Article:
Gouda Cheese


A yellow cow's milk cheese. It is named after the city of Gouda near Rotterdam in the Netherlands and accounts for more than 60%% of the cheese produced in the Netherlands. Young Gouda is generally mild and melts well in cooking, whereas aged Gouda is sharper and has a more pronouced flavor.


Other names: Gouda
Translations: Gouda siers, Gouda sūris, Sir gouda, Ser Gouda, Goudse kaas, Gouda पनीर, Queijo Gouda, Сыр Гауда, Τυρί Gouda, جودة الجبن, 구다 치즈, Sýr Gouda, 黄波奶酪, Formatge gouda, Sir gauda, Syr Gouda, גאודה גבינה, Goudaost, Гоуда сир, ゴーダチーズ, Gouda Käse, Queso Gouda, Сир Гауда, Gouda Juusto, Сирене Гауда

Physical Description

Round, smooth, and pale yellow as a young cheese and is usually coated in red wax.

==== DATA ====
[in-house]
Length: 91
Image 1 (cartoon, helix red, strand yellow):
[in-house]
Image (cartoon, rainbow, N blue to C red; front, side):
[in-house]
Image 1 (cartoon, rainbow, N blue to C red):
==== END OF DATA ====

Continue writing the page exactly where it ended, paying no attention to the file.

Round, caramel colored, crunchy, flaky as an aged cheese and is usually coated in black wax.

Colors: pale yellow to caramel depending on age

Tasting Notes

Flavors: sweet to sweet and salty
Mouthfeel: Smooth to crunchy
Food complements: Good as table cheese or dessert cheese
Wine complements: Cabernet sauvignon or white varietals
Substitutes: Boerenkaas, Edam, Leyden, Samsoe

Selecting and Buying

Procuring: Made from cow's milk. Gouda Cheese denotes a generic cheese describing a type and flavor not a place of origin.

Preparation and Use

Young Gouda is easier to slice than aged. Aged may be cut in cubes.


Gouda cheese denotes a generic cheese describing a type and flavor not place of origin.

History: Originated in Gouda, a town in the Netherlands not far from Rotterdam.



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